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Opinion | Why a Mumbai-Phuket round trip could cost as much as flying to Bengaluru and back

All the pricing nuances are largely designed to work in favour of the airline

It’s holiday season and with Jet closed, return fare from Mumbai to Bengaluru could cost as much as flying to Phuket.
It’s holiday season and with Jet closed, return fare from Mumbai to Bengaluru could cost as much as flying to Phuket.

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Airline fares are not easy to understand for the lay person. They shuffle up or down in a moment. Fares can sometimes be cheaper for longer distances than for shorter distance flights. On international trips, you are almost always going to find a one-way fare to be significantly costlier than when you buy a round trip. All of it makes no sense to anyone but the guys who set the fares, commonly known as the revenue management departments of airlines.

Airline fares are set largely depending upon the demand for flights on a certain day between two airports and the kind of passenger that is likely to fly. Additionally, if an airline has a monopoly on a route, or a large number of flights on that route, they would be likely to set a higher price on that route.

As an example, take flights between Mumbai and Phuket, which I purchased for 25,000 round trip over the Easter weekend. Phuket is a leisure market, and usually you will find tickets at this price point. On the other hand, take flights between Mumbai and Bengaluru, which is a business-travel market. I paid about 20,000 for a round trip; due to the shutdown of Jet Airways, there were five flights fewer in the market.

Airline fares change depending on the competition as well. Airlines monitor the fares of their competition all the time. Most travellers are always shopping around for the cheapest fare, so when one airline drops fares on a certain sector, most others follow, because they don’t want their customers to move to the other airline. Reason enough you see the sales from all airlines coming around the same time.

When you are looking at tickets between Mumbai and Phuket, you have the option to fly directly on GoAir, or one-stop via Bangkok, Singapore or Kuala Lumpur.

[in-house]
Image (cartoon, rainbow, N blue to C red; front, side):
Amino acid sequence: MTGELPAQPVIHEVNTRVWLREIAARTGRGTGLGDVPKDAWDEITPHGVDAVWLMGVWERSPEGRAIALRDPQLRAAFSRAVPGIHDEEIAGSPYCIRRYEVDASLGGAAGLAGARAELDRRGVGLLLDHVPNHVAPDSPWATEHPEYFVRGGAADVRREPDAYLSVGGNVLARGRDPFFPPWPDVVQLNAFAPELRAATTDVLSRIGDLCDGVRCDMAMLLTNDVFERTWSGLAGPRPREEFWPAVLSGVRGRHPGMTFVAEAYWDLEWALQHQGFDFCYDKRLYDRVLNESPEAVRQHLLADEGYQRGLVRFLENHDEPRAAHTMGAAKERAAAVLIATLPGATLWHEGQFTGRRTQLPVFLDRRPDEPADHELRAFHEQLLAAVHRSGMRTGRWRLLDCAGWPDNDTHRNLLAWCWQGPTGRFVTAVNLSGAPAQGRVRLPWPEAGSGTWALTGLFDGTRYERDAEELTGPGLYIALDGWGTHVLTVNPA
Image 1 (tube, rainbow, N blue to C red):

But when the other airlines are deciding fare for these segments, they are looking at GoAir’s fare and they now need to be competitive because GoAir is a shorter flight of 4.5 hours and does not involve changing aircraft.

Hence, you might get a ticket on Mumbai-Kuala Lumpur-Phuket for a similar price like GoAir, but with a meal included. This fare is not a sum total of the fare between Mumbai-Kuala Lumpur and Kuala Lumpur-Phuket, but something entirely designed for this leisure market.

Flights also cost more depending on events and festivals. For instance, for next Diwali in October 2019, most Mumbai-Delhi flights are selling for about 8,000 one-way right now, while on another day you can find flights for even 3,000 as long as you book in advance.

All of these nuances are largely designed to work in favour of the airline, but sometimes the airline could see them being beaten at their own game. In Europe and America, a controversial concept called throwaway ticketing, commonly known as skiplagging is taking centre-stage.

Here is how it works. Let’s say, you want to fly between New York and Los Angeles, but for whatever reason, the tickets are expensive. You buy a ticket from New York to Las Vegas via Los Angeles instead, which is cheaper, and exit the airport at Los Angeles, never making it to your Los Angeles to Las Vegas flight. Of course, you don’t travel with a checked-bag, because that means your bag goes to Vegas.

Airlines usually cancel the rest of your journey if you miss/skip one flight, so this concept works best if the segment intended to be thrown away, is the last one.

Airlines, however, hate it when their fare protocols are gamed, and hence they do not encourage such a practice. Last year, Lufthansa sued a passenger for recovering €2,112. The Lufthansa passenger paid €657 to fly from Oslo to Seattle and back on Lufthansa via Frankfurt in 2016. Instead, he terminated his journey on the return at Frankfurt. As per Lufthansa, the real cost of the trip was €2,769, and they wanted him to pay up the difference.

In other cases, people who have performed such a stunt frequently and got caught have seen different consequences as well. Some have had their loyalty rewards accounts being seized. Others have received letters from corporate security departments to explain their deeds.

Not just that, the travel agents who end up booking such tickets for customers also end up receiving notices of recovery from the airlines.

Throw-away ticketing, then, is not something that is recommended to be done repeatedly by passengers.

Like you already see, once an airline can analyse the patterns and establish a breach of their contract with you as a customer, they have many opportunities to get back at you. So, try it at your own risk.

Elevate Your Travel is a column for business travellers by a business traveller.

Ajay Awtaney is founder and editor of, an Indian aviation website.

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